The Not So 'Real' Reality.
Fashion week is upon us/finishing up/finished, and recently I was looking at an article by a very popular 'fashion blog/site that shan't be named'. I won't name it because it doesn’t matter. Quite a few of the fashion blogs are the same: no everyday people wearing affordable clothing and accessories.
There’s nothing wrong with having a wish list of really expensive items that you want. But when you have to save up for these items like you would when buying a house it is just sad. Why not have a list of items that are within your reach right now?
Often, during New York Fashion week, there are plenty o’ slideshows of those fashionable fashionistas in attendance. When they show pics of the 'everyday person on the street' these people are wearing ridiculously priced pieces of clothing that are usually over the top avant garde (or just bootay ooglelay,--that’s ugly--for those of you not fluent in Tracie speak…),everyone seems to come from the planet Size 2, and all of the ‘everyday folks’…they all have names like Martinashala, Furlina and Apricot and are the interns from some chic chic fashion house. Also, how do these chicks afford a $200 tee shirt working as an intern? Your guess is as good as mine, but I am here to tell you that looking great doesn't mean you won't be able to buy groceries this month or that you have to have access to the wardrobe room at a fashion magazine.
How Does This Work?
So how can you be super adorable and super fashionable without breaking the bank? First things first: stop buying crap and wasting your money, most importantly expensive crap. This is the #1 rule that you must abide by. Can’t get around it. How do you determine if something is crap? Well you look at it of course.
- Are the inside seams of the clothing finished or raw? You want finished.
- Look at where two pieces of the garment are sewn together, gently pull both sides away from each other. Is the seam coming apart? It shouldn’t.
- Are there numerous (serious) online complaints from store customers where you are buying your items concerning quality?
- Have you bought several pieces from a particular store where the clothing or accessories only last a couple months?
- Is a necklace falling apart before you even leave the store? Are all links and rings closed?
- Look for quality fabrics and ones that will maintain their shape. My favorites are natural ones that usually don’t melt when you attempt to iron them. This means no pleather allowed.
- Check straps and soles of shoes and make sure everything is secure.
The second step is to invest money in quality items that can be used for more than one type of event or activity:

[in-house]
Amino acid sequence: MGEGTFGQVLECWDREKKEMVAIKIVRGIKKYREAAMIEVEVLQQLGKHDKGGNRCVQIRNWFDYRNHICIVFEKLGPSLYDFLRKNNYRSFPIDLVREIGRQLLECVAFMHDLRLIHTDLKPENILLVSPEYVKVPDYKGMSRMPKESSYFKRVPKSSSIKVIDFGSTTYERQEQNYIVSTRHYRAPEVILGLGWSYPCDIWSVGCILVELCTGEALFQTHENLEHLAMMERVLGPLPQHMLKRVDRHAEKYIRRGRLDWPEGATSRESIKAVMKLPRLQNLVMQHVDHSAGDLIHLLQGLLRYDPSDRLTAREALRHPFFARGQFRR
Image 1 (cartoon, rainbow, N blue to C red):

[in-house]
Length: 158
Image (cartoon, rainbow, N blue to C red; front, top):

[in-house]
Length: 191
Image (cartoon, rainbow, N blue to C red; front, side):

- Separates that can move from brunch to business to partaaaay! This isn’t always possible but do please try. You will get more mileage out of the items you buy if they are versatile.
- Find jewelry that is distinctive and well made that can be worn with lots of different outfits. You don’t have to go to a major fashion house and spend $1000 to get great jewelry. A great artist might be right down the street. Even better, a smaller artisan operation may be willing to work with you on the price. Check out sites like Artfire, Etsy, and Luulla. Urban Temple Jewelry (my little jewelry machine) produces museum style, culturally influenced pieces that can be worn everyday with just about anything. I would totally rock a layaway style payment plan if someone really wants a piece that I have made. Though I do work for money, I work for the love of art and I want all of my pieces to have a good home. I’m sure that a lot of artists (not all of them) would feel the same way. You never know until you ask.
One necklace three ways:
- Third, try being thrifty. There are a couple of ways to do this:
- Go to the thrift store. There are still great finds to be had in the thrift stores, Goodwill, and Salvation Army. They haven’t all been found. People donate more stuff everyday. Try stores that are off the beaten path where there might not be as much traffic. You are sure to find something that not everyone else has.
- Check out the racks at your local discount store trinity. What is the ‘trinity’ you ask? Marshall’s, TJ Maxx, and Ross. In recent years the pickings aren’t as good as they used to be but still worth a look. Approach sales and clearance racks with the knowledge that things in these discount stores are discounted for a reason. Even if you can’t see it or predict it you will always find out the reason why things are in one of the stores in the trinity. Maybe it is just about colors or the season but there may be another issue.
And fourth, and most important, if you do buy super duper cheap pieces take care of them; actually even if they aren’t super cheap take care of your items and make them last. In this way, your clothing and accessories become more than a simple closet of clothes, shoes, hats etc., but an actual collection. So if shoes are looking a little ratty—shine em’. Something’s got a hole or the seam is coming apart—sew it. In this way when you do make an investment, even a $10 one off the clearance rack of some discount store, it will be a good one.